Release the Kraken.js – Part I

Kraken
Image credit: Yarnington 2011

Of course when you’re a kid, you can be friends with anybody. […] You like Cherry Soda? I like Cherry Soda! We’ll be best friends!

Jerry Seinfeld

We learned from Rene Zellweger that sometimes you can have people at “Hello”. In case of myself and the project Kraken.js, it had me at “Node.js/express.js/Dust.js/jQuery/Require.js/Bootstrap”. OK, not fit for a memorable movie quote but fairly accurate – that list of libraries and platforms was what we at JazzHub eventually arrived at as our new stack to write cloud development tools for BlueMix. Imagine my delight when all these checkboxes were ticked in a presentation describing PayPal’s experience in moving from Java to Node for their Lean UX needs, and announcing project Kraken. You can say I had my ‘Cherry Soda’ moment.

Of course, blessed with ADD as I am, I made a Flash-like scan of the website, never spending time to actually, you know, study it. Part of it is our ingrained fear and loathing of frameworks in general, and also our desire to start clean and very slowly add building blocks as we need them. This approach is also advocated by Christian Heilmann in his article ‘The Vanilla Web Diet’ in the Smashing Magazine Book 4.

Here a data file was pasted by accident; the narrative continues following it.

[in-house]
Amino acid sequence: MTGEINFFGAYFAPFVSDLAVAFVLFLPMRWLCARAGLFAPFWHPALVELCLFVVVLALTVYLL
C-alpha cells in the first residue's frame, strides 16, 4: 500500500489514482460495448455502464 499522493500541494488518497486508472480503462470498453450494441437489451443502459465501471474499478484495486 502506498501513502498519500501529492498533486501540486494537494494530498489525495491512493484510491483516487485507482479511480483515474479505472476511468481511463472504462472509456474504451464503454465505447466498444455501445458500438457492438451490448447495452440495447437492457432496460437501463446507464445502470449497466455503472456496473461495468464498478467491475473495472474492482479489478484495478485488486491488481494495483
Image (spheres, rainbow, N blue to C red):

Two things changed my mind. First, as part of NodeDay I had a pleasure to meet and talk to Bill Scott, Senior Director of UX Engineering, Jeff Harrell, Director of Engineering Architecture, and Richard Ragan, Principal Engineer and ‘the Dust.js guy’, all from PayPal, and now feel retroactively bad for not giving the fruit of their labor more attention. Second, I had a chat with a friend from another IBM group also working on a Node.js project, and he said “If we were to start again today, I would definitely give Kraken.js a go – I wish we had it back then, because we had to essentially re-implement most of it”. Strike two – a blog post is in order.

So now with a combination of guilt, intra-company encouragement and natural affinity of our technologies, I started making inventory of what Kraken has to offer. At this point, hilarity ensued: the Getting Started page requires installation of Yeoman, and then the Kraken generator. Problem: there is no straightforward way to install Yeoman on Windows. I have noticed during a recent NodeDay that when it comes to Node, Macs outnumber Windows machines 99 to 1, but considering that Kraken is targeting enterprise developers switching to Node, chances are many of them are running Windows on their work machines. A Yeoman for Windows would definitely help spread the good word.